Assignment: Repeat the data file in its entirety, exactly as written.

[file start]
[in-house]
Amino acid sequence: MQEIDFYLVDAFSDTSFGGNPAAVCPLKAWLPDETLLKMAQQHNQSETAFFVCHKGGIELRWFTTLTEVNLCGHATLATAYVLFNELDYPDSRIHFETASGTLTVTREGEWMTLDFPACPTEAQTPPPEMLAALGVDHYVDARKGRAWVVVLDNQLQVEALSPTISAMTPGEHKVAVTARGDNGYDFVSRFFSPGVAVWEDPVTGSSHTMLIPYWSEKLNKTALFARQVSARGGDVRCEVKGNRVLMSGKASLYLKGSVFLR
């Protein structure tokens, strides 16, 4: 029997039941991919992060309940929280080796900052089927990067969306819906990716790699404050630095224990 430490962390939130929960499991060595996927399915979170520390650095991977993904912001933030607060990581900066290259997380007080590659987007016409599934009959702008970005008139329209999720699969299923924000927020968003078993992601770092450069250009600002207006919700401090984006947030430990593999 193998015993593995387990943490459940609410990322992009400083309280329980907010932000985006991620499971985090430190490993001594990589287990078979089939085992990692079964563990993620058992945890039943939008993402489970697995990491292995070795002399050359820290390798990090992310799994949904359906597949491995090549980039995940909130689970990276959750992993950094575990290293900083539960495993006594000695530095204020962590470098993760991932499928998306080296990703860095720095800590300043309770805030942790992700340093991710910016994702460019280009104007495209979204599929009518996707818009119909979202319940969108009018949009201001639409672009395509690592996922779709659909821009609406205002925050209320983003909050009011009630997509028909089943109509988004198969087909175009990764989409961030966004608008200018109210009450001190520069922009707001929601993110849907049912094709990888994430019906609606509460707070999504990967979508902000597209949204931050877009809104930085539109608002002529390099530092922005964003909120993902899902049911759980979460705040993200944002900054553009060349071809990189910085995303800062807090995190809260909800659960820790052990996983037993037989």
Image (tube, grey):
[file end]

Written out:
[in-house]
Amino acid sequence: MQEIDFYLVDAFSDTSFGGNPAAVCPLKAWLPDETLLKMAQQHNQSETAFFVCHKGGIELRWFTTLTEVNLCGHATLATAYVLFNELDYPDSRIHFETASGTLTVTREGEWMTLDFPACPTEAQTPPPEMLAALGVDHYVDARKGRAWVVVLDNQLQVEALSPTISAMTPGEHKVAVTARGDNGYDFVSRFFSPGVAVWEDPVTGSSHTMLIPYWSEKLNKTALFARQVSARGGDVRCEVKGNRVLMSGKASLYLKGSVFLR
């Protein structure tokens, strides 16, 4: 029997039941991919992060309940929280080796900052089927990067969306819906990716790699404050630095224990 430490962390939130929960499991060595996927399915979170520390650095991977993904912001933030607060990581900066290259997380007080590659987007016409599934009959702008970005008139329209999720699969299923924000927020968003078993992601770092450069250009600002207006919700401090984006947030430990593999 193998015993593995387990943490459940609410990322992009400083309280329980907010932000985006991620499971985090430190490993001594990589287990078979089939085992990692079964563990993620058992945890039943939008993402489970697995990491292995070795002399050359820290390798990090992310799994949904359906597949491995090549980039995940909130689970990276959750992993950094575990290293900083539960495993006594000695530095204020962590470098993760991932499928998306080296990703860095720095800590300043309770805030942790992700340093991710910016994702460019280009104007495209979204599929009518996707818009119909979202319940969108009018949009201001639409672009395509690592996922779709659909821009609406205002925050209320983003909050009011009630997509028909089943109509988004198969087909175009990764989409961030966004608008200018109210009450001190520069922009707001929601993110849907049912094709990888994430019906609606509460707070999504990967979508902000597209949204931050877009809104930085539109608002002529390099530092922005964003909120993902899902049911759980979460705040993200944002900054553009060349071809990189910085995303800062807090995190809260909800659960820790052990996983037993037989």
Image (tube, grey):